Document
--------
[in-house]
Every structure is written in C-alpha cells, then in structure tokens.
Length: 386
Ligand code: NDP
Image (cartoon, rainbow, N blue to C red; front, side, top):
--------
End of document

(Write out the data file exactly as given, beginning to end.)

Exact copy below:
[in-house]
Every structure is written in C-alpha cells, then in structure tokens.
Length: 386
Ligand code: NDP
Image (cartoon, rainbow, N blue to C red; front, side, top):